These Van Life Experts Teach You To Make A Home On The Open Road

While we've long romanticised the open road, very few of us would want to live on it.

But then consider the Schannep family: Robin, Robert and their four kids, all under the age of 10. Until recently, Robin was a stay-at-home mum, and Rob worked long hours as a financial planner in Orange County, California.

"Working at a very good office, very good people. We owned a home... We were normal," Robin laughed.

"We kind of started questioning the mentality that just because you have kids everything is put on hold. We love to travel, and we thought, 'Well, why can't we just bring our kids with us?'"

Now the family of six eats, sleeps, and lives in a converted school bus -- 250 square feet of home sweet home, in which you can just barely stand up.

The home of the Schannep family - Robin, Robert, and their four children – is a refitted school bus. Photo: CBS NEWS

CBS correspondent Tony Dokoupil caught up with them in rural Tennessee.

"We see what we're doing, too, as a large part of our kids' education," said Robin.

"I mean, they're pretty young. And they've seen the Declaration of Independence. They've seen the Bill of Rights. They've seen the Lincoln Memorial. They've seen a lot."

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Robin home-schools the kids, and Rob is still a financial planner.

Dokoupil asked, "Do you ever have clients say, 'I don't wanna take money advice from a guy living in a bus'?"

"Yes, a few," Robert laughed. "And then they became clients."

It is, they note, a lifestyle choice, not a consequence.

Robin and Robert Schannep with Tony Dokoupil. CBS NEWS

Jessica Bruder, who chronicled van life in her recent book, "Nomadland," said that the movement accelerated during the housing crisis of 2008, and hasn't stopped a decade later.

"I consider a lot of these people conscientious objectors to the culture we're in right now, which is really, 'Get on this work treadmill with no guarantee of any sort of safety net and yet you should still pledge allegiance to the culture of the endless work week,'" she said.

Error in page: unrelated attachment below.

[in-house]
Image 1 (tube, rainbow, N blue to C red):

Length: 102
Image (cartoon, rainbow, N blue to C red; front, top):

"The millennials I met on the road said, 'Look at this, I can't pay back my student debt or I don't want to go into debt. I can afford to do this, I should do it while I'm healthy and spry,' and they're out there doing it."

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And these days, either by choice or circumstance, more and more people are making America's highways and scenic byways "home".

The first night Wells slept in his van, he felt like a loser.

"I had just gotten a divorce, something I swore I would never do. We were fighting over the kids. I faced losing them. And now I'm living in a van."

But as the months rolled by, he said, "Every step of the way, you just answer every problem as it comes up."

Bob Wells welcomes Tony Dokoupil into his home on wheels. CBS NEWS

Wells started to feel less lost, and more like a man who had found a road map to happiness -- and 20 years later, he's sure of it

He says although he has enough money to live in a home today, "Why would I torture myself? Why would I make myself miserable?"

"I do miss my recliner! But it's not worth the sacrifice."

This former grocery store clerk from Alaska now runs a website,, and more recently a Youtube channel, to spread the gospel of van dwelling -- equal parts frugality, simplicity and freedom. Wells' videos are approaching 50 million views.

Wells says today's van dwellers are a little different from the retirees that have long spent their golden years in RVs.

"I see van dwellers as rejecting, to some degree, something about society," he said.

"It could be the nine-to-five grind. Whatever it is, it's not just the transfer of the same life they've always lived with the last 50 years into a different home, shape, on wheels. It's a rejection of some element of it."

And speaking of wheels, a rolling home can be as varied as any other home, from the cosy to the contemporary. One old airport shuttle has its own music studio. Clearly living in a van does not have to mean what it used to.